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    wsmith's Avatar
    wsmith Posts: 2, Reputation: 1
    New Member

    Nov 9, 2005, 08:19 PM
    Best way to negotiate rates w/ credit card companies?
    A family member is loaning me $20K to pay off part of my $33K credit card debt. The loan will enable me to pay off the balances in full on two of the highest-interest rate cards, and part of the next highest-rate card.

    I'd love to just call the bastards up & close the accounts as soon as the balances are paid, but I know I can probably use the leverage of paying off the full balances to negotiate lower rates, with the idea of doing a balance transfer on at least part of the debt I have remaining.

    I did some of this phone negotiation stuff years ago w/ pretty good success, but the credit card industry has gotten so competitive lately, I'm wondering if people who've done it recently have some advice (particularly if they've dealt with Chase, the company I'll be negotiating w/, but any advice welcome!). Thanks!
    LisaB4657's Avatar
    LisaB4657 Posts: 3,662, Reputation: 534

    Nov 9, 2005, 08:34 PM
    Please allow me to make a suggestion. Rather than negotiating lower rates, please consider closing the two accounts where you are paying the balances in full. Then apply for a new account with one of the dozens of companies that offer 0% for balance transfers. Once you obtain this new account, transfer all remaining balances and close all of your other credit card accounts. If you owe $33,000 in credit card bills and you need to borrow a substantial amount from a family member just to pay off a portion of it, then you need to stop using credit cards. Transfer all of the balances to your new account and then lock the new card away, to be used only for a real emergency. Most financial advisors will tell you that you should not spend more than 15% of your monthly after-tax income on credit card bills. Please use that as a guide in the future, once you get your situation under control.
    fredg's Avatar
    fredg Posts: 4,928, Reputation: 674
    Ultra Member

    Nov 10, 2005, 08:43 AM
    Credit cards
    I agree with Lisa.
    I would accept a new credit card, different company. Many are online, through searching.
    A new "sign-up" in most cases, offer 0% interested charges for 6 months or a yr, whatever, and will do that if you transfer other credit card companies' bills to them.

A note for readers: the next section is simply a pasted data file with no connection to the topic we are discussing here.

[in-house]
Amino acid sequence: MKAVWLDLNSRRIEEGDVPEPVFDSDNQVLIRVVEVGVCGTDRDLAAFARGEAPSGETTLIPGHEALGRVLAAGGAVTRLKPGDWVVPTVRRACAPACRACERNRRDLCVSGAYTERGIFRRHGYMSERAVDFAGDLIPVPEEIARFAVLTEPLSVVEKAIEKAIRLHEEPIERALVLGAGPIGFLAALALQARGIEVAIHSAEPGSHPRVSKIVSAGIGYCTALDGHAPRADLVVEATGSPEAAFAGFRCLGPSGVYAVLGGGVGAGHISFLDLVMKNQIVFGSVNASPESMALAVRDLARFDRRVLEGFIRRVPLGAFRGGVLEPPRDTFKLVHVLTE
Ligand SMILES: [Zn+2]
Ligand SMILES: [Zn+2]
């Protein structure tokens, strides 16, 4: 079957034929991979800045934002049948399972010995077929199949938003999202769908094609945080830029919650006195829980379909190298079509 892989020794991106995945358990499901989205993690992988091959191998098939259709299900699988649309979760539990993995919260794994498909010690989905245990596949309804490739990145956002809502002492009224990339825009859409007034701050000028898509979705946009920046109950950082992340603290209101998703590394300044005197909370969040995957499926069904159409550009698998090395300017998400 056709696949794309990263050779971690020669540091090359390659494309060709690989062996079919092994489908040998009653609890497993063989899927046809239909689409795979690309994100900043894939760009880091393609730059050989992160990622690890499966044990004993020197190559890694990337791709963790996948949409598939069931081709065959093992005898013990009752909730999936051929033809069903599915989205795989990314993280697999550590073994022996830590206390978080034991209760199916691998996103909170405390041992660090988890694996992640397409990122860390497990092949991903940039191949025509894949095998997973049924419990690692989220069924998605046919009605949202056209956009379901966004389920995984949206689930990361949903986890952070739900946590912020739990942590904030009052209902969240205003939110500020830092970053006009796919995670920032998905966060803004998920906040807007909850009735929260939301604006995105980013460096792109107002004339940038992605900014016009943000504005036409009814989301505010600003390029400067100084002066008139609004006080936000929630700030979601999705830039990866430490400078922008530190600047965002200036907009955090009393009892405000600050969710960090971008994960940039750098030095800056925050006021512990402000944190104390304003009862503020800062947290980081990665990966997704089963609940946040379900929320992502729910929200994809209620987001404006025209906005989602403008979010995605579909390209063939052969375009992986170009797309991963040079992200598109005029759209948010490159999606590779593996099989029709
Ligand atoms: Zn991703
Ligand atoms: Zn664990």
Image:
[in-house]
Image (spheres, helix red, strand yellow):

I would then call Chase, or whoever, and cancel your account, and be SURE to tell the representative to cancel it "at customers request". In that way, it will not hurt your credit rating later. (There might be some problem with the cancelled credit card company saying THEY cancelled it on you, not you.)
    I do know that getting in "over one's head" with credit cards is easy to do, or can be done if there is a hugh money emergency.
    Personally, I don't charge anything on either of our 2 different credit cards, unless I can pay them off when I receive the bill.
    I do wish you the best, and hope you can reach a good decision about this.
    wsmith's Avatar
    wsmith Posts: 2, Reputation: 1
    New Member

    Nov 10, 2005, 10:12 AM
    Thanks for the advice. I am already determined to end my credit card use, I've actually stopped using the cards months ago and am just trying to get the balances and rates manageable. I'd like to close the accounts that I pay off in full immediately, but I know that this partly affects my credit rating (even if it's noted on my credit record that they were closed on my request). My concern is not the temptation to use these accounts again, but rebuilding my credit rating. And getting a lower rate on my remaining balances of course (I'll still be carrying over $9K on a card charging me %25.5 interest unless I can negotiate).
    LisaB4657's Avatar
    LisaB4657 Posts: 3,662, Reputation: 534

    Nov 10, 2005, 04:18 PM
    Your credit rating will not be hurt by closing those accounts. A credit rating is built up in two ways: (1) always making payments on time; and (2) not carrying a large amount of risk. A lender reviewing your credit rating would rather see you with one or two cards and a relatively low credit limit (such as $10,000 per card) than several empty cards with high credit limit. That's because they are afraid that they could give you a loan and then you would go out and max out all of your cards. If you had only $10,000 debt outstanding and a maximum of $20,000 credit limit that is more attractive to them than seeing you with $10,000 debt outstanding and a $50,000 credit limit. So don't hesitate to close those accounts. Keep one or two accounts open but don't use them unless you are able to pay it in full when the bill comes.

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